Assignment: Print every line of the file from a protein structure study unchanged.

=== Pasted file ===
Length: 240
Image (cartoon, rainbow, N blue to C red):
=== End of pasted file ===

Length: 240
Image (cartoon, rainbow, N blue to C red):